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New Jersey's State Wildlife Action Plan
Selecting Focal Species

 

DEP Seeks Public Comment on Major Update to State Wildlife Action Plan (DEP News Release, 12/11/17)
Comment by January 19, 2018

NOTE: To access specific portions of the plan, please use the bookmarked Table of Contents on Page vii in New Jersey's State Wildlife Action Plan (pdf, 32mb)

New Jersey's State Wildlife Action Plan (SWAP) includes 656 Species of Greatest Conservation Need (SGCN) - a list of birds, mammals, reptiles, amphibians, fish, and invertebrates with low, declining, or vulnerable populations, and for whom conservation actions are needed to prevent or reverse declines over the next ten years (see Chapter 1, Section I - Process for Selecting SGCN and Focal SGCN) (pdf, 32mb).

This is a long list, however, for a plan that aims to be focused and achievable in its goals. To refine our scope, the Division of Fish and Wildlife (DFW) used the SGCN list as the foundation for a tiered "filtering" process to arrive at a more manageable list of Focal Species.

At every stage of the filtering process, a "taxa team" of experts within each taxonomic group assessed each species' conservation status, need, and the feasibility of successful conservation action, and reached consensus on their results. This approach led to a final list of 107 Focal Species. This is not meant to suggest that the state's conservation interests are limited to the 107 Focal SGCN. Rather, this focused approach will help achieve positive results for the various other SGCN not formally addressed within the Plan, but which share many of the same habitats and challenges as our Focal Species.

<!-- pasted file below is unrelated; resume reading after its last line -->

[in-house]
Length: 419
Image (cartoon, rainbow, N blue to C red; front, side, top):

Priority SGCN

The taxa team experts first narrowed the SGCN list down to a subset, the Priority SGCN, consisting of SGCN that met one or more of the following criteria:

1) Species is listed as an Endangered, Threatened, or Candidate in New Jersey and/or on the federal level,
2) Species is listed as a Regional Species of Greatest Conservation Need (RSGCN) for the Northeast Region, and/or
3) Species warrants advancement based upon a "fatal flaw" justification by the expert taxa team, considering practical knowledge of the species as well as New Jersey's importance to its regional and global population status.
This resulted in a Priority SGCN list of 351 species that demonstrate clear and urgent need for conservation action to stabilize or recover their populations. The criteria met by each Priority SGCN are shown in the table, Priority Species of Greatest Conservation Need and Criteria (pdf, 72kb) and are also identified among the list of New Jersey's SGCN (see Appendix B) (pdf, 32mb).

"Upper Tier" Priority SGCN

The next "filter" examined each Priority SGCN's conservation need and the feasibility of successful action to address threats to each species, resulting in a list of "Upper Tier" Priority SGCN (see Chapter 1 Section I.C. - Selecting "Upper Tier" Priority SGCN and Focal SGCN) (pdf, 32mb).

Conservation need was assessed by two metrics:

1) The level of concern for the species across its northeast range, and
2) New Jersey's responsibility for the species' conservation within its range.